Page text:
Date & Time: Jul 31, 2020 at 0827 LT
Flight Phase:
Takeoff (climb)
Crew on board:
Crew fatalities:
Pax on board:
Pax fatalities:
Other fatalities:
Total fatalities:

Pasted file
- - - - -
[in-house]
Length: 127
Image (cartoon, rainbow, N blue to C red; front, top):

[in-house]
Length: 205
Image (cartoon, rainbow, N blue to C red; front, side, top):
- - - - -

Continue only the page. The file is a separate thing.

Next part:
On July 31, 2020, about 0827 Alaska daylight time, a de Havilland DHC-2 (Beaver) airplane, N4982U, and a Piper PA-12 airplane, N2587M, were destroyed when they were involved in an accident near Soldotna, Alaska. Both pilots and the five passengers on the DHC-2 were fatally injured. The DHC-2 was operated as a Title 14 Code of Federal Regulations (CFR) Part 135 on-demand charter flight. The PA-12 was operated as a Title 14 CFR Part 91 personal flight. The float-equipped DHC-2, operated by High Adventure Charter, departed Longmere Lake, Soldotna, about 0824 bound for a remote lake on the west side of Cook Inlet. The purpose of the flight was to transport the passengers to a remote fishing location. The PA-12, operated by a private individual, departed Soldotna Airport, Soldotna, Alaska, about 0824 bound for Fairbanks, Alaska. Preliminary flight track data revealed that the DHC-2 was traveling northwest about 1,175 ft mean sea level (msl) and gradually climbing about 78 knots (kts) when it crossed the Sterling Highway. The PA-12 was traveling northeast about 1,175 ft msl and about 71 kts north of and parallel to the Sterling Highway. The airplanes collided about 2.5 miles northeast of the Soldotna airport at an altitude of about 1,175 ft msl and data signals were lost. A witness located near the accident site observed the DHC-2 traveling in a westerly direction and the PA-12 traveling in a northerly direction. He stated that the PA-12 impacted the DHC-2 on the left side of the fuselage toward the back of the airplane. After the collision, he observed what he believed to be the DHC-2's left wing separate, and the airplane entered an uncontrolled, descending counterclockwise spiral before disappearing from view. He did not observe the PA-12 following the collision. The DHC-2 main wreckage was heavily fragmented and located in a wooded residential area; the fuselage was oriented on a heading of about 270° at an elevation of about 240 ft. A debris field about 300 ft long and oriented on about a 327° heading included the engine, fuselage, wings, vertical stabilizer, and portions of the floats. Dark green paint transfers consistent with the PA-12 were observed on the aft fuselage of the DHC-2. The PA-12 main wreckage was located about 600 ft east of the DHC-2. The airplane impacted in a near vertical attitude and came to rest at an elevation of about 258 ft. The horizontal stabilizer and one elevator from the DHC-2 were found intertwined in the wreckage of the PA-12. The DHC-2 was registered to Soldotna Aircraft and Equipment Leasing. A registration card located inside the PA-12 identified the airplane as a Piper PA-12 with a registration number of N2587M. The Federal Aviation Administration's (FAA) registration database revealed that N2587M was a valid registration for a Piper PA-12 assigned to the pilot. However, the PA-12's exterior registration number identified the airplane as N1904T; in addition, the word "EXPERIMENTAL" was applied to the inside of the lower clam shell door. A search of the FAA registration database revealed that the registration number had been reserved by the pilot but was not a valid registration. According to information on file with the FAA Civil Aeromedical Institute, the pilot of the PA12 was denied medical certification in June 2012 by the Alaska Regional Flight Surgeon due to vision problems. The denial was appealed and sustained in July 2012. Neither airplane was equipped with, nor were they required to be equipped with, a crashworthy flight data or cockpit voice recorder. Several avionics components and personal electronic devices were recovered from the wreckage areas. These components and devices were shipped to the National Transportation Safety Board Vehicle Recorders Laboratory, Washington, DC, for further examination.